Search Images Maps Play YouTube News Gmail Drive More »
Sign in
Screen reader users: click this link for accessible mode. Accessible mode has the same essential features but works better with your reader.

Patents

  1. Advanced Patent Search
Publication numberUSRE35093 E
Publication typeGrant
Application numberUS 08/353,968
Publication dateNov 21, 1995
Filing dateDec 9, 1994
Priority dateDec 3, 1990
Fee statusPaid
Publication number08353968, 353968, US RE35093 E, US RE35093E, US-E-RE35093, USRE35093 E, USRE35093E
InventorsFeng M. Wang, Dimitris Anastassiou
Original AssigneeThe Trustees Of Columbia University In The City Of New York
Export CitationBiBTeX, EndNote, RefMan
External Links: USPTO, USPTO Assignment, Espacenet
Systems and methods for coding even fields of interlaced video sequences
US RE35093 E
Abstract
In accordance with the invention, a method, for coding multi-mode predictive interpolative coded fields of video, includes the steps of:
(a) providing a current field of interlaced pixel data, and past and future fields of such data;
(b) providing estimated pixel data at omitted line positions in the past and future fields of data to form enhanced fields of pixel data;
(c) comparing a block of pixel data from the current field with corresponding blocks of data from such past and future fields to derive motion vector signals indicative of best matched blocks of data;
(d) developing pixel error signals representing pixel by pixel errors based on utilization of best matched blocks in different modes for comparison with the block of pixel data from the current field and developing best mode signals indicative of which of such modes represents the least overall error; and
(e) providing the best mode signals, motion vector signals, pixel error signals, and the future odd field of data for transmission for use by a decoder.
Images(9)
Previous page
Next page
Claims(44)
We claim:
1. A system, for multi-mode predictive interpolative coding of fields of video, comprising:
input means for coupling current and later fields of interlaced data, such fields including even fields having pixel data for line positions at which pixel data is omitted in prior and later odd fields;
separator means, coupled to said input means, for separating said even fields of data from said odd fields of data;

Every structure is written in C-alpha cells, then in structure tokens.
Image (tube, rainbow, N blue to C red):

delayed coupling means, coupled to said separation means to receive odd fields of data, for providing past odd field data;
storage means for storing data and for providing past even field data from storage;
interpolation means, coupled to said separation means and delayed coupling means to receive current even, future odd and past odd fields of data, for deriving and coupling to said storage means enhanced fields of data corresponding to each of said fields of data and having estimated pixel data at omitted line positions;
block matching means, coupled to said interpolation means and storage means, for comparing said current even enhanced field data with each of said future odd and past odd enhanced fields and said past even field data to develop motion vector signals indicative of location of best matched blocks of future odd, past odd and past even data, and for coupling said motion-vector signals to said storage means;
comparator means, coupled to said storage means, for utilizing blocks of pixel data retrieved from said storage means in response to said motion vector signals for performing a plurality of mode comparisons of a block of current even pixel data with different ones of said best matched blocks alone or on an averaged basis for deriving a best mode signal representative of a single best mode block having the least error and deriving pixel error signals representing pixel by pixel errors in said bets mode block; and
output means, coupled to said comparator means and separator means, for providing said pixel error signals, best matched block location signals based on motion vector signals corresponding to said best mode signal, and odd field pixel data signals for transmission for use by a decoder.
2. An encoding and decoding system, comprising:
(a) a system in accordance with claim 1, for coding fields of interlaced video to provide output signals; and
(b) a system, for decoding said output signals, comprising:
input means for coupling said output signals;
storage means, coupled to said input means, for
storing fields of pixel data, including a future odd field and past odd and even fields;
address generator means, responsive to said location signals, for providing address signals to said storage means for retrieving one or more blocks of pixel data from said stored future odd and past odd and even fields;
block coupling means, responsive to blocks of data retrieved from said storage means, for providing a single best mode data block regardless of the number of blocks of pixel data simultaneously retrieved, and including means for averaging simultaneously retrieved blocks of pixel data;
block adder means, coupled to said input means and block coupling means, for combining said pixel error signals with said single best mode data block to provide a block of current even field pixel data; and
combiner means, responsive to blocks of said current even field data and to said odd fields of pixel data, for providing video signals including alternating odd and even fields of data.
3. A coding system in accordance with claim 1, wherein said output means also provides said best mode signals for transmission for use by a decoder.
4. A coding system in accordance with claim 1, wherein said comparator means includes means for averaging blocks of pixel data from a past even field and a future odd field in deriving said best mode signal.